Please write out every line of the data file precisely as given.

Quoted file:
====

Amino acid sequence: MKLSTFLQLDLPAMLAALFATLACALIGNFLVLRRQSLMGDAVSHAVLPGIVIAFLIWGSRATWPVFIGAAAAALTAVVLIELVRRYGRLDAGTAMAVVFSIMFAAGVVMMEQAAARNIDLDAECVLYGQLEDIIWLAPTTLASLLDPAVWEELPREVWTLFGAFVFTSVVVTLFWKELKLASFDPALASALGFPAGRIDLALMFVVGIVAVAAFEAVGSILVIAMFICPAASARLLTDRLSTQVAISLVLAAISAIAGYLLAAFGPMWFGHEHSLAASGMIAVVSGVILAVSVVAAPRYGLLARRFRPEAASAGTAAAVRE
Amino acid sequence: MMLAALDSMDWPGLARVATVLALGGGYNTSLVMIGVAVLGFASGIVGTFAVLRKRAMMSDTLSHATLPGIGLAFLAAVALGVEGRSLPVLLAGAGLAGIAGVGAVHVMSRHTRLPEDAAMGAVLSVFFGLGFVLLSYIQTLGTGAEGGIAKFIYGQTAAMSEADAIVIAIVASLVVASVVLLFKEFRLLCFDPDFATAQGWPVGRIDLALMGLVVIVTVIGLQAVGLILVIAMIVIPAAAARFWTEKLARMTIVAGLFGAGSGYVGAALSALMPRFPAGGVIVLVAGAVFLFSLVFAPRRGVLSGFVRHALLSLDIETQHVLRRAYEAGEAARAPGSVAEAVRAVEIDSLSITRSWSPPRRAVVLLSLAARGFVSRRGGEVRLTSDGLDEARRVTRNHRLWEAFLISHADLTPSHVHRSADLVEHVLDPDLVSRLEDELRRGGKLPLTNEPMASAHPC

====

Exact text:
Amino acid sequence: MKLSTFLQLDLPAMLAALFATLACALIGNFLVLRRQSLMGDAVSHAVLPGIVIAFLIWGSRATWPVFIGAAAAALTAVVLIELVRRYGRLDAGTAMAVVFSIMFAAGVVMMEQAAARNIDLDAECVLYGQLEDIIWLAPTTLASLLDPAVWEELPREVWTLFGAFVFTSVVVTLFWKELKLASFDPALASALGFPAGRIDLALMFVVGIVAVAAFEAVGSILVIAMFICPAASARLLTDRLSTQVAISLVLAAISAIAGYLLAAFGPMWFGHEHSLAASGMIAVVSGVILAVSVVAAPRYGLLARRFRPEAASAGTAAAVRE
Amino acid sequence: MMLAALDSMDWPGLARVATVLALGGGYNTSLVMIGVAVLGFASGIVGTFAVLRKRAMMSDTLSHATLPGIGLAFLAAVALGVEGRSLPVLLAGAGLAGIAGVGAVHVMSRHTRLPEDAAMGAVLSVFFGLGFVLLSYIQTLGTGAEGGIAKFIYGQTAAMSEADAIVIAIVASLVVASVVLLFKEFRLLCFDPDFATAQGWPVGRIDLALMGLVVIVTVIGLQAVGLILVIAMIVIPAAAARFWTEKLARMTIVAGLFGAGSGYVGAALSALMPRFPAGGVIVLVAGAVFLFSLVFAPRRGVLSGFVRHALLSLDIETQHVLRRAYEAGEAARAPGSVAEAVRAVEIDSLSITRSWSPPRRAVVLLSLAARGFVSRRGGEVRLTSDGLDEARRVTRNHRLWEAFLISHADLTPSHVHRSADLVEHVLDPDLVSRLEDELRRGGKLPLTNEPMASAHPC